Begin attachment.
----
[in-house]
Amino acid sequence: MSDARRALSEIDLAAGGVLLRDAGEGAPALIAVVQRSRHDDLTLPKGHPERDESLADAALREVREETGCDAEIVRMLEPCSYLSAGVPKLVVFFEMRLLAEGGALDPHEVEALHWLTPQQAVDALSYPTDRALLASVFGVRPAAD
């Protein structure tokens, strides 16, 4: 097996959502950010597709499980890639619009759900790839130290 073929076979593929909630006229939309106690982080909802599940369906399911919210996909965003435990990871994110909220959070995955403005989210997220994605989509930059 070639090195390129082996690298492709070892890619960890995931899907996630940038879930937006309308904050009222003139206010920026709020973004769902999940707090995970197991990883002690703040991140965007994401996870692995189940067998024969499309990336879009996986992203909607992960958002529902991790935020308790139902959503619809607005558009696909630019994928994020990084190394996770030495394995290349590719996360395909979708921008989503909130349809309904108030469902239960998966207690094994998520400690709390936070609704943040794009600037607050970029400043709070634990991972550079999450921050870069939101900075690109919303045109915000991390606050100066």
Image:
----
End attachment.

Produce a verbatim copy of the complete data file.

[in-house]
Amino acid sequence: MSDARRALSEIDLAAGGVLLRDAGEGAPALIAVVQRSRHDDLTLPKGHPERDESLADAALREVREETGCDAEIVRMLEPCSYLSAGVPKLVVFFEMRLLAEGGALDPHEVEALHWLTPQQAVDALSYPTDRALLASVFGVRPAAD
């Protein structure tokens, strides 16, 4: 097996959502950010597709499980890639619009759900790839130290 073929076979593929909630006229939309106690982080909802599940369906399911919210996909965003435990990871994110909220959070995955403005989210997220994605989509930059 070639090195390129082996690298492709070892890619960890995931899907996630940038879930937006309308904050009222003139206010920026709020973004769902999940707090995970197991990883002690703040991140965007994401996870692995189940067998024969499309990336879009996986992203909607992960958002529902991790935020308790139902959503619809607005558009696909630019994928994020990084190394996770030495394995290349590719996360395909979708921008989503909130349809309904108030469902239960998966207690094994998520400690709390936070609704943040794009600037607050970029400043709070634990991972550079999450921050870069939101900075690109919303045109915000991390606050100066």
Image: